Why Sunlight Is So Good For You

Even Hippocrates believed that the changing seasons had something to do with health—and that the key was how much available daylight there was during different times of the year.

Many centuries later, it's clear he was on to something. As people spend more time indoors staring at computer and television screens, scientists are starting to appreciate how exposure to sunlight affects various body systems.

The most interesting support for our dependence on daylight emerged with a condition called Seasonal Affective Disorder, or SAD. The term was coined by Dr. Normal Rosenthal at Georgetown University to describe the so-called winter blues: the lethargy and feelings of sadness and hopelessness that come when the weather forces people to spend more time indoors and the season provides little opportunity for exposure to natural light. Some people have speculated that our modern lifestyle, which keeps people indoors under artificial light for so many hours, may be encouraging a form of SAD year-round.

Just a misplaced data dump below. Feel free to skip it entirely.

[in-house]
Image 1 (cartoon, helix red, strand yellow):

Rosenthal found that while not everyone is as strongly affected by a lack of sunlight, for the people who are, light boxes that blast a few minutes of bright light in the frequency of natural sunlight each morning can help to elevate mood and re-energize them to face the day.

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